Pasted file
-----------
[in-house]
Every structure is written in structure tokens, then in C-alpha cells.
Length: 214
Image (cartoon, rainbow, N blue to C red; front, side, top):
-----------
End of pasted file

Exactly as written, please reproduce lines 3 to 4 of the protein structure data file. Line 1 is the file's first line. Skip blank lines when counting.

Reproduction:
Length: 214
Image (cartoon, rainbow, N blue to C red; front, side, top):